2006 Public Defender Blog Awards

PDs just don't get the acknowledgment they deserve. You can do your part by getting over to PD Stuff and voting in the 2006 Public Defender Blog Awards

(I am in no way lobbying for votes. I haven't even voted yet - but I will. I'm really enjoying reading all of the PD blogs, some of which I hadn't seen before. And I'm still really torn on the Best Blog by a Public Defender Investigator category.)

Whoever you choose, get out there and vote. Polls are open until midnight, Friday, January 5, 2007.

Untitled Follow-Up

Well, it's been almost one year and I am finally ready to follow-up on the Untitled post from last January.

The friend that I was thinking about when I wrote that post is finally pregnant (shout out to modern science), and far enough along that I feel safe writing about it.

The acquaintance whose newborn died has since had a healthy and happy daughter.

And the final commenter is now counting two little blessings.

What a difference a year makes.

Happy Holidays!

Happy Holidays from Blonde Justice!

I'm out of here, see you when all this is over!


Friday! Finally! And this is the big one!

Stop me if I've told this one before...

Why did the blonde write "T.G.I.F." on her shoes?

So she could remember...

Toes Go In First.

Ready For Christmas

I have a feeling that this Christmas is going to turn out just fine.

Despite the fact that I never got organized enough to send out Christmas cards, or put up my pink Christmas tree (or any of my pink Christmas decorations, really), or figure out the perfect gift for my mother...

I still think it's all going to be okay.

I mean, there's still time, right? Right?

Beware of Box

I did most of my Christmas shopping online this year, and I decided to ship everything to my parents' house, where I will be for Christmas, rather than packing it in my luggage to bring to my parents' house.

I had everything shipped to my name at my parents' address. In the extra address line, I added, "DO NOT OPEN TIL XMAS!" just in case someone got curious.

The more I thought about it, the more I realized that my mother is really nosy, and might need a little more of a direct warning.

So I called my mother and told her, "I'm having some things shipped to the house for Christmas. Don't open them."

My mother, as nosy as she is, still tried to get some type of clue.

I could almost hear her mind working.

"Well... umm.... how many boxes are coming? How big are those boxes going to be? Where are they coming from? Maybe you should give me the tracking numbers so I know when to be home..."

Again and again, I just kept telling her, "Just sign for the boxes and don't open them!"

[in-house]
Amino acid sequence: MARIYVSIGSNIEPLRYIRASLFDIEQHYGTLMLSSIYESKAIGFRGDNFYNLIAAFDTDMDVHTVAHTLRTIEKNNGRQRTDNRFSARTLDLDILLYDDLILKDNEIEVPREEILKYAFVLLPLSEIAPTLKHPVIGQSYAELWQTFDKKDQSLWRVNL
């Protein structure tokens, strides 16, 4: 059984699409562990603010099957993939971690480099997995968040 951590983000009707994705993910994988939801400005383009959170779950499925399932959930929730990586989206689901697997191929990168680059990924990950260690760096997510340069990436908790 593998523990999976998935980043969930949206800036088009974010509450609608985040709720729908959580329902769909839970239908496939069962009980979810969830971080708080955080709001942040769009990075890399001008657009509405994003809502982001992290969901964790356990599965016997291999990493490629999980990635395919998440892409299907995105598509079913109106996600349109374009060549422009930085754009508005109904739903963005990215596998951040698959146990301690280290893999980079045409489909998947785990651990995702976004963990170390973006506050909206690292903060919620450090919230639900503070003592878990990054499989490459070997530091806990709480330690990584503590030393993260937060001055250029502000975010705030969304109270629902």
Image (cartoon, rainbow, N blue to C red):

She must've been desperate when she asked, "Does it need refrigeration? Don't you at least want me to put it in the fridge?"

What?! What did she think I bought?

So, in my most serious voice, I said, "Ok, fine... if she starts barking, you can give her a milk-bone. But that's it."

My mother has now called me 3 times to ask if I really shipped a dog to her house, and what kind of dog it is, and where it came from...

Dexter Finale Tonight

I am so excited.

I can't remember being this excited for a TV show in a long time.

Ok, maybe I was this excited for Weeds. Showtime has gotten so good.

California, Florida Suspend Executions

I don't blog much news, legal or otherwise, but I thought this was newsworthy and certainly not being covered in the media much that I've seen.

California, Florida Suspend Executions after an execution by lethal injection in which it took 34 minutes for Angel Nieves Diaz to die.
Executions in Florida normally take no more than about 15 minutes, with the inmate rendered unconscious and motionless within three to five minutes. But Diaz appeared to be moving 24 minutes after the first injection, grimacing, blinking, licking his lips, blowing and appearing to mouth words.

As a result of the chemicals going into Diaz's arms around the elbow, he had an 12-inch chemical burn on his right arm and an 11-inch chemical burn on his left arm, Hamilton said.

That's a civilized nation for you.

The Perfect Gift

Last night I ran into someone who sits near Erin and should know her.

I pulled her aside and said, "Sooo... what do you know about Erin?"

At first she was a little weirded out, she said something like, "Why do you want to know about Erin?" and then, I guess she figured it out and she said, "Oh!"

She thought about it for a minute and said, "Well, I don't really know her that well, she really stays to herself." (This made me feel better for not knowing who she was at all.)

Then she said, "I really only know two things about her. She's Irish and she must love Starbucks."

"Starbucks?" I asked.

"Yeah, I see her leaving here and coming back with a Starbucks cup all the time. She must make a few Starbucks runs a day."

Wow, how perfect is that?

Gimme Your Advice

I am seeking advice on two wholly separate topics: